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In the various roles he has undertaken through the years, Val J. Halamandaris has been a singular driving force behind the policy and program initiatives resulting in the recognition of home health care as a viable alternative to institutionalization. His dedication to consumer advocacy, which enhances the quality of life and dignity of those receiving home health care, merits VNA HealthCare Group’s highest recognition and deepest respect. 

VNA HealthCare Group

I have the highest respect for them, especially for the nurses, aides and therapists, who devote their lives to caring for people with disabilities, the infirm and dying Americans.  There are few more noble professions.

President Barack Obama

Home health care agencies do such a wonderful job in this country helping people to be able to remain at home and allowing them to receive services

U.S. Senator Debbie Stabenow (D-MI) Chair, Democratic Steering and Outreach Committee

Home care is a combination of compassion and efficiency.  It is less expensive than institutional care...but at the same time it is a more caring, human, intimate experience, and therefore it has a greater human’s a big mistake not to try to maximize it and find ways to give people the home care option over either nursing homes, hospitals or other institutions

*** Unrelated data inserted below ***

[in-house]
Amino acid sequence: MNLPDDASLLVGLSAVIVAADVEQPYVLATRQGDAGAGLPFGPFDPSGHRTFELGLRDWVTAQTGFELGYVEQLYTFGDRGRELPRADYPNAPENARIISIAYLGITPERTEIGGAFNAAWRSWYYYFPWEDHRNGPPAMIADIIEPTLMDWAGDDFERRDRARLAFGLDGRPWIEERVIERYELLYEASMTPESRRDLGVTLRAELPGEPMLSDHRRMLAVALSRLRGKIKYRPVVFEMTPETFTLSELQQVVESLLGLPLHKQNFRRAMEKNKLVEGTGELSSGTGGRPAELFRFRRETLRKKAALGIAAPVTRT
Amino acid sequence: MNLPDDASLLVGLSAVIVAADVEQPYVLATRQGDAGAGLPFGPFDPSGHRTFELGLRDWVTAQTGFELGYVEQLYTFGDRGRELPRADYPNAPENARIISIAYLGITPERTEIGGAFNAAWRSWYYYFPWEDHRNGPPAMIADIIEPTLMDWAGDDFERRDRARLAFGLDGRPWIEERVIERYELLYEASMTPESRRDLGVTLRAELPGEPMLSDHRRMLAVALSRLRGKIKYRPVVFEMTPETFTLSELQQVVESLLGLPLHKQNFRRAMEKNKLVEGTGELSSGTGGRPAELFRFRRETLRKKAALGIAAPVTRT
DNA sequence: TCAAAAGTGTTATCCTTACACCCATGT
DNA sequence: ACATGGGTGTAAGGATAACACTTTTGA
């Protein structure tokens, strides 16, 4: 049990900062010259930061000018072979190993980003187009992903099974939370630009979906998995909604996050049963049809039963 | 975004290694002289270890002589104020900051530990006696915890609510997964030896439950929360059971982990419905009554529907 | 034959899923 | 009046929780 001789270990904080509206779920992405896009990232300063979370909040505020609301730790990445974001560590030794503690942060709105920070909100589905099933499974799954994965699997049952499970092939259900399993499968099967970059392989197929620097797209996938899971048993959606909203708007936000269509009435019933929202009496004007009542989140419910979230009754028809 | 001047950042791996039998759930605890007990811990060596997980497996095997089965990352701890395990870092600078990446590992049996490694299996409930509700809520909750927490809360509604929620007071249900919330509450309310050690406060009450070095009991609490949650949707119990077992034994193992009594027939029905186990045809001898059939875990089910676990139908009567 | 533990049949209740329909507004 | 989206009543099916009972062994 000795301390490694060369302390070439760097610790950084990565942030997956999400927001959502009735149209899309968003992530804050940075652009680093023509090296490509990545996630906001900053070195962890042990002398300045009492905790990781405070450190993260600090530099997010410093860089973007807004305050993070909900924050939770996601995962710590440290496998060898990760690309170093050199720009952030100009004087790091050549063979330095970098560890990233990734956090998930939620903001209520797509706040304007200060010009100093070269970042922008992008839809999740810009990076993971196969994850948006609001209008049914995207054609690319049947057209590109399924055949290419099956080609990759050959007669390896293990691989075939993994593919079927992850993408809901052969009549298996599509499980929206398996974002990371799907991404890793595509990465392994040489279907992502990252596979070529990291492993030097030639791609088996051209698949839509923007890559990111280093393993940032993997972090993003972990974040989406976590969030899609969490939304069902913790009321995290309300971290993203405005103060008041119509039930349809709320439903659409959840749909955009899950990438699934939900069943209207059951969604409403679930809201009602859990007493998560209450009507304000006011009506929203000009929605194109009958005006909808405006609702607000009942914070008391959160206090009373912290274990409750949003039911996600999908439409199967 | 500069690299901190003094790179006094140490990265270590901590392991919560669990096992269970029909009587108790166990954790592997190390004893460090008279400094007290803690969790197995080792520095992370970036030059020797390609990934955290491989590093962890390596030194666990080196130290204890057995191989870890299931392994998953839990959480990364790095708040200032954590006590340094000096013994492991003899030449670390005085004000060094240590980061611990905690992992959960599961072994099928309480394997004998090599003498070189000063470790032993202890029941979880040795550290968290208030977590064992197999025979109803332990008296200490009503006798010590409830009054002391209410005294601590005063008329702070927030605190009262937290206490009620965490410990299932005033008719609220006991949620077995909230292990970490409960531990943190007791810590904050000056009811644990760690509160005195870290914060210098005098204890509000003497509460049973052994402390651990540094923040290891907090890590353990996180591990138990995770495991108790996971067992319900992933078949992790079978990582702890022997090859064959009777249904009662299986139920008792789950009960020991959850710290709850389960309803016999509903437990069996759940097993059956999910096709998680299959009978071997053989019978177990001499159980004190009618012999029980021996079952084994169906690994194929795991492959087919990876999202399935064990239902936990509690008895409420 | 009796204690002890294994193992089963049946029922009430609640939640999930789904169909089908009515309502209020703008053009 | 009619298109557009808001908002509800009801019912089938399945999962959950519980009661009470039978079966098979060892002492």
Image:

Former Speaker of the U.S. House of Representatives Newt Gingrich (R-GA)

Medicaid covers long-term care, but only for low-income families.  And Medicare only pays for care that is connected to a hospital discharge....our health care system must cover these vital services...[and] we should promote home-based care, which most people prefer, instead of the institutional care that we emphasize now.

Former U.S. Senator Majority Leader Tom Daschle (D-CD)

We need incentives to...keep people in home health care settings...It’s dramatically less expensive than long term care.

U.S. Senator John McCain (R-AZ)


Home care is clearly the wave of the future. It’s clearly where patients want to be cared for. I come from an ethnic family and when a member of our family is severely ill, we would never consider taking them to get institutional care. That’s true of many families for both cultural and financial reasons. If patients have a choice of where they want to be cared for, where it’s done the right way, they choose home.